October 27th 09.00
To the news editor
PRESS RELEASE: (immediate)
The Hannah Mitchell Foundation has welcomed the report by Sir David Higgins on improved rail links across the North of England, with some major caveats.
Prof. Paul Salveson, secretary of the Foundation and a well-respected transport academic, said: “The proposed ‘HS3’ east-west high-speed line will be good for the North of England providing it is carried out in a way that gives maximum benefit to all of the North and not just the major cities. This has to be more than a pre-election gimmick and the project needs to involve all the relevant local authorities, not just the major cities. The lack of regional government for the North highlights the need for strategic governance of this project. The proposed ‘Transport for the North’ body is exactly the sort of agency we are saying should be democratically accountable.”
The Foundation stresses:
- The route of the new high-speed line needs to take into account of the local communities and the environment, and minimise disruption. Using the former Woodhead line across the Pennines deserves serious consideration
- There must be proper connectivity between the proposed HS2 high-speed line and the HS3 route, with direct links at Manchester and Leeds between the two networks
- The high-speed line must be developed as part of an expanding Northern network which means a major improvement on the poor quality rolling stock passengers currently have to put up with. The North needs an integrated, joined-up transport network; HS3 should not be an excuse for the Government to ignore the urgent need for the upgrade of existing services and other route re-openings e.g. Skipton-Colne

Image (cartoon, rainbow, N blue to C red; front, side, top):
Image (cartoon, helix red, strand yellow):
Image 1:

- The construction phase should benefit Northern companies and it should be used to as a boost to high-tech manufacturing in the region by a firm commitment to ensure local companies are encouraged to compete for tenders for everything from infrastructure to rolling stock
- A high-speed rail link should not be a distraction from the need to focus on an
- Ultimately, however, the North’s transport needs are best considered by the people of the North. We should have the tax-raising powers to be able invest in our own transport and the ability to use our own assets to raise finance to fund the projects we need.
More: Paul Salveson 07795 008691